There are 3 major types of exercise that can be included in the treatment plan. Each type is purposed to provide different benefits. These include:

  1. Fitness program, swimming belongs to this category. This program is intended to help improve your endurance and improve your fit status in general.
  2. Range-of- motion program. This is purposed to help improve the flexibility of the joint and ease the stiffness.
  3. And strengthening exercises. They are good to keep and improve the strength of the muscles around the joint.

How does swimming help osteoarthritis of the knee?

Low impact exercises (such as swimming or other exercises in the water) are recommended for arthritis. They can help burn your calories, improve the health of muscles around the joints, good for your heart, and great for your entire health without putting more strain on the affected joint.

image_illustration211The water can absorb the strain of your movement. It can support your body while you make any movement. Even it can support the affected joint through its full range of motion. So again, with the water holding, there will be les strain that impacts your spines and knees.

Swimming is particularly great for joints with stiffness. It can help improve stiffness with less pain, relax the muscles, and improve the joint pain.

For best result, the use of warm water (about 83-90 degrees) for swimming is more recommended. Warm water can help relax the muscles more effectively. In addition, there are also many private pools as well as public pools provide water-aerobic programs for people with arthritis.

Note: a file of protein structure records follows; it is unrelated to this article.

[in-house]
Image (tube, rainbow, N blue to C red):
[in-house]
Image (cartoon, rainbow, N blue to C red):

Don’t push yourself too hard!

While exercise can provide considerable disease-specific benefits if you have osteoarthritis in the knee, but it will be counterproductive if you push your muscles or joints too much.

The effect of too much exercise can be double when you are first starting your workout program.

Exercise can help control this joint disease and ease /improve the symptoms, as noted before. But it is only one part in your treatment plan. So, do your exercise in moderation and make sure to do it regularly!

In the first weeks of your exercise, you may feel increased rate of heart beat and breathe faster. When you exercise, you may also notice that your muscles feel tense.

At night you may feel tired but awake feeling fit and refreshed in the morning. All these things are considered normal.

However, keep monitoring any symptoms that you feel! Stop the exercise if you experience some of the following symptoms:

  1. Feeling faint, dizzy, or sick to the stomach.
  2. Shortness of breath.
  3. Chest tightness or even chest pain.
  4. Muscle or joint pain and fatigue that lasts longer than usual or even these may continue in the next day.

*Some of these symptoms may also become a signal of when you have done too much or your body is not ready yet for exercise. See a doctor promptly if the symptoms continue or last longer than what you think!

Reference:

  1. http://www.orthop.washington.edu/?q=patient-care/articles/arthritis/exercise-and-arthritis.html